Newsstand Rumors

Blue Jays To Acquire Troy Tulowitzki In Exchange For Jose Reyes, Jeff Hoffman, Miguel Castro

The Blue Jays have struck a deal to acquire star Rockies shortstop Troy Tulowitzki and veteran reliever LaTroy Hawkins in exchange for Jose Reyes and a trio of minor leaguers, Ken Rosenthal of FOX Sports reports (links to Twitter). Needless to say, the move constitutes one of the most stunning deadline deals in recent memory.

Young righties Jeff Hoffman and Miguel Castro make up the key components of Colorado’s return, per reports. No money is changing hands other than the differences in the contracts, Jon Heyman of CBSSports.com adds (Twitter links), and there is one more as-yet-unknown minor league player going to Colorado. As Rosenthal notes on Twitter, Tulowitzki will pick up a $2MM assignment bonus and a full no-trade clause by virtue of being dealt.

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Both of the primary pieces in this deal are playing under significant contracts. Tulowitzki is owed $20MM annually this season and from 2016-19, before a $14MM payday in 2020 and a $15MM club option ($4MM buyout) in the following campaign. Reyes, meanwhile, is on the books for $22MM annually from 2015-17, and comes with a $22MM club option that also includes a $4MM buyout. All said, then, Reyes is guaranteed $50MM less in total following the present season (before tacking on the additional $2MM assignment bonus and the remainder of Hawkins’ $2.25MM salary).

Tulowitzki, 30, has long been one of the game’s best overall players. And he is as closely associated with his franchise as is any other player. There has been near-constant speculation as to whether Colorado owner Dick Monfort would consider parting with his club’s superstar, but it appears that a series of disappointing seasons has finally brought matters to a resolution.

While the long-time Rockies franchise face has been quite good this year, he hasn’t played quite to his own lofty standards. Over 346 plate appearances, he’s registered a .305/.353/.478 slash. With the effects of Coors Field factored in, that’s good for a 111 wRC+. His defense has rated out more as good than excellent. The net is that he’s racked up 1.4 fWAR and 1.9 rWAR on the year. Through this approximate point last season (375 plate appearances), Tulo had already compiled 5.3 fWAR and 5.5 rWAR.

Of course, the biggest question with his long-term value lies in the arbitrary stopping point just noted. Tulowitzki never again took the field in Colorado after mid-July, as he ultimately underwent hip surgery. Since becoming a full-time regular in 2007, Tulo has averaged just 114 games a season.

With the first major move of his tenure, GM Jeff Bridich opened an array of questions about the team’s intentions over the coming days (and beyond). It remains to be seen whether Colorado has intentions of plugging Reyes into its lineup or, instead, moving him to a third club to add other young pieces.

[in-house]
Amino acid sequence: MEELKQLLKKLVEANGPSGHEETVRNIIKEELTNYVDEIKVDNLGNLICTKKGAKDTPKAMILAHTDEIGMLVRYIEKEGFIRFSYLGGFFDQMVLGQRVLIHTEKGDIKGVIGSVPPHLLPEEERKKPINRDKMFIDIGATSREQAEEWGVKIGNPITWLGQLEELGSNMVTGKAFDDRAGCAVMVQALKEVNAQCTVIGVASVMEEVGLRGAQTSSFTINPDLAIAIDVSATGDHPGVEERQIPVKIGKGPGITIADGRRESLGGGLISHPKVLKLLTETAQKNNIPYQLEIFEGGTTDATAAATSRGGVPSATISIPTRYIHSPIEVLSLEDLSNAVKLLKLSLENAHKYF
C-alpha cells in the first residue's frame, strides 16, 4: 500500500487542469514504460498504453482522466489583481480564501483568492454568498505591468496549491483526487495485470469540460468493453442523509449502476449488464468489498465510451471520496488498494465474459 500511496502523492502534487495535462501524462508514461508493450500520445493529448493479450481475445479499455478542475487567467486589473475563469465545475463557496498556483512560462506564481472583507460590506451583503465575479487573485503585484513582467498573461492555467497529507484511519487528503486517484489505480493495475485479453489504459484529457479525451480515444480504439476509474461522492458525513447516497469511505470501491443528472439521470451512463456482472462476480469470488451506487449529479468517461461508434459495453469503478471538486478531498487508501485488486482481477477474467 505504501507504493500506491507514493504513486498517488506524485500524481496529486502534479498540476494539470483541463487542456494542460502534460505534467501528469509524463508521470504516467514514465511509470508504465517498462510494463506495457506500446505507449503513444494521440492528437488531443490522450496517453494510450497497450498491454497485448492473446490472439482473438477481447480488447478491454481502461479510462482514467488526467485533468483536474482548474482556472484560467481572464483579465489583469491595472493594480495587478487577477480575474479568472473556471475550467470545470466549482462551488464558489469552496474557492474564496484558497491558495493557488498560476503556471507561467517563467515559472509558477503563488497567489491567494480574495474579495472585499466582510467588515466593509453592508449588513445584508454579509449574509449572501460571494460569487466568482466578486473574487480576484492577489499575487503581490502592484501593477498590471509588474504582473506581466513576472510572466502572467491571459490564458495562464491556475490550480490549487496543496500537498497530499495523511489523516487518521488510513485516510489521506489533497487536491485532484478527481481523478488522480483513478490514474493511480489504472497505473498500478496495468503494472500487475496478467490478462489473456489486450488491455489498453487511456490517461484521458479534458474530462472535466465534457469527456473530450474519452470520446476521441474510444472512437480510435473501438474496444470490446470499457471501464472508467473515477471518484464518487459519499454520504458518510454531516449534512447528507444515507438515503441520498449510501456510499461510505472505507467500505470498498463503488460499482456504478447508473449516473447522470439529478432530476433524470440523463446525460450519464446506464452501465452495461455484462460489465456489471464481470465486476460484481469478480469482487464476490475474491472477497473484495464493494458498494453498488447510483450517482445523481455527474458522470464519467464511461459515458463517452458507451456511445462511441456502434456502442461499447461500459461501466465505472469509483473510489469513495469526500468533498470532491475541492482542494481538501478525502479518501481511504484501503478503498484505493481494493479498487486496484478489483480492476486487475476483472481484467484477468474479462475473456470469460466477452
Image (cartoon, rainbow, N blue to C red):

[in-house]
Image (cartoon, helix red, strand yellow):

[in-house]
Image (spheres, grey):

Colorado does not have a deal in place currently to move Reyes elsewhere, Joel Sherman of the New York Post tweets. But a move seems quite plausible. The Rockies have highly-regarded shortstop prospect Trevor Story playing well at Triple-A, and just used the third overall pick in last month’s draft to select top-rated high schooler Brendan Rodgers, though he’s obviously a ways from the big leagues.

Then, there’s the matter of Carlos Gonzalez, long considered the twin-bill feature alongside Tulo at Coors Field. He’s rebounded from a long rough stretch to enhance his value, and a move to shed his remaining obligations while adding young talent now seems more plausible than ever. Having parted with Tulowitzki and Hawkins, Gonzalez and other veteran assets (such as reliever John Axford) could conceivably change hands.

Regardless whether Reyes is ticketed for another destination, he offers his own blend of upside and downside. At age 32, he’s fallen back to a .285/.322/.385 slash line and is no longer the outstanding defender he was early in his career. Still, he’s a solidly above-average regular in a position of some scarcity (at least, in terms of established veterans) around the league. This becomes the second time that his contract — originally signed with the Marlins — has changed hands, and it may not be long until it moves again.

As for the young pieces, the 22-year-old Hoffman fell to the Jays in last year’s draft after undergoing Tommy John surgery. That he was still taken ninth overall speaks to his talent, of course, and he’s already moved to the Double-A level with Toronto. Having cracked many top-100 leaguewide prospect rankings before the season, the high-upside right-hander shot up to 33rd on Baseball America’s mid-season list after showing his old stuff with a new UCL. He’s said to have a big fastball, excellent curve, and promising change. Over 67 2/3 innings, mostly at High-A, Hoffman has worked to a 2.93 ERA with 6.1 K/9 against 2.3 BB/9.